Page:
Pregnant Two Weeks Before Conception??????


Isn’t this just wonderful?   Let’s see.  If they can pass some kind of law that says a woman may be pregnant at any given time during her childbearing years, what restrictions will women suddenly have to face?  Or would it become a criminal offense for a woman to do anything that might jeopardize the fetus she may or may not be carrying?

Let’s see…   (since we know they don’t have a crystal ball they can’t know two weeks before when a woman conceives because we never know exactly when we’ll conceive, and so…at all times there would be possible things women in their childbearing years might suddenly not be allowed to do just in case they might be pregnant:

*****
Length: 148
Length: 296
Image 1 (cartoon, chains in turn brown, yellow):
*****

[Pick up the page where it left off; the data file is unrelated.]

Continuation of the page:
Drink alcohol

Drink coffee or caffeinated beverages like tea or pop

Swim in lakes

Swim in the ocean

Swim in rivers

Swim in public pools

Go into any really cold water or really hot water (no hot tubs)

Have sex

Go on amusement rides

Ride horses

Ride bicycles, scooters or motorcycles

Ride in a car (if the car crashes it could hurt her fetus)

Ride on an airplane or on a train or in a boat (same reason as above)

Eat anything that isn’t soft (to reduce chances of choking)

Work (stress can hurt a fetus)

Receive blood transfusions

Go into any non-sterile environment

Eat junk food

Take any drugs that may possibly be harmful to the possible fetus she may or may not have…

Clean cat litter boxes

Use tampons (possible contamination risk of fetus)

Be given anesthesia or anesthetic that might cause adverse physical reaction

Raise or be around birds

Play sports

Run or jog

Engage in any strenuous or risky behavior that may potentially threaten a fetus that may or may not exist.

 

(Wow…now isn’t that special?  I just can’t wait for the Religious Right fanatics to take over!)

http://www.rhrealitycheck.org/article/2012/04/01/arizona-legislators-trying-to-declare-pregnancy-two-weeks-prior-to-conception